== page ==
PhD Defence: Kars Iddo Maik Schouten
In his dissertation ‘Semantics-Driven Aspect-Based Sentiment Analysis', Kars Iddo Maik Schouten focuses on which discriminants are useful when performing aspect-based sentiment analysis. What signals for sentiment can be extracted from the text itself and what is the effect of using extra-textual discriminants?
Kars Iddo Maik Schouten defended his dissertation in the Senate Hall at Erasmus University Rotterdam on Friday, November 16 at 13:30. His supervisors were Prof. Franciska de Jong(ESE) and Prof. Rommert Dekker(ESE). Other members of the Doctoral Committee are Dr. Flavius Frasincar(ESE), Prof. Dennis Fok(ESE), Prof. Paul Buitelaar(National University of Ireland, Galway), Prof. Mike Thelwall(University of Wolverhampton), Dr. Guus Schreiber(Vrije Universiteit Amsterdam) and Prof. Elena Simperl(University of Southampton).
Kim Schouten (1986) obtained the M.Sc. degree in Economics and Informatics, specializing in computational economics, from the Erasmus University Rotterdam, the Netherlands. Both bachelor and master thesis subjects were already in the domain of natural language processing, which is one of his main research interests.
This was followed by a Ph.D. candidacy on sentiment analysis at the Erasmus Research Institute of Management (ERIM) and the Econometric Insitutate at the Erasmus School of Economics as part of the Dutch national research program COMMIT/Infiniti. Furthermore, Kim was affiliated to the Dutch Research School for Information and Knowledge Systems (SIKS), Erasmus Center of Business Intelligence (ECBI), and Erasmus Studio.
Kim's research is at the crossroads of natural language processing, text mining, machine learning, artificial intelligence, and the Semantic Web. Over the years, he has published in several prestigious conferences and journals and actively participated in the benchmarking community. Furthermore, Kim has been part of the program committee of a hand full of workshops and conferences but also often reviewed papers for high-quality journals.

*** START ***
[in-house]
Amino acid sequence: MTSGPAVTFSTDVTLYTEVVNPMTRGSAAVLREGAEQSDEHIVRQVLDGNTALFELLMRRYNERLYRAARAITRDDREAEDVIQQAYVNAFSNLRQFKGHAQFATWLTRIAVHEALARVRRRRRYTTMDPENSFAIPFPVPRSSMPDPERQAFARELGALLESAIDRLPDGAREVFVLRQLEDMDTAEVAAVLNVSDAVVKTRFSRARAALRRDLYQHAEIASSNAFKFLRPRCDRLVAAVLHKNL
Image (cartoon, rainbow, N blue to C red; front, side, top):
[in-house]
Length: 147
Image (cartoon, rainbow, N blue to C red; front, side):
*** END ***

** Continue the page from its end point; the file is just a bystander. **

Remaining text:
During his Ph.D. candidacy, Kim has successfully taught several IT related courses. For most of these years he has coordinated the first-year bachelor course Skills 1: IT at the International Bachelor of Business Administration.
People using the Web are constantly invited to share their opinions and preferences with the rest of the world, which has led to an explosion of opinionated blogs, reviews of products and services, and comments on virtually everything. This type of web-based content is increasingly recognized as a source of data that has added value for multiple application domains.
While the large number of available reviews almost ensures that all relevant parts of the entity under review are properly covered, manually reading each and every review is not feasible. Aspect-based sentiment analysis aims to solve this issue, as it is concerned with the development of algorithms that can automatically extract fine-grained sentiment information from a set of reviews, computing a separate sentiment value for the various aspects of the product or service being reviewed.
This dissertation focuses on which discriminants are useful when performing aspect-based sentiment analysis. What signals for sentiment can be extracted from the text itself and what is the effect of using extra-textual discriminants? We find that using semantic lexicons or ontologies, can greatly improve the quality of aspect-based sentiment analysis, especially with limited training data. Additionally, due to semantics driving the analysis, the algorithm is less of a black box and results are easier to explain.
Photos: Chris Gorzeman / Capital Images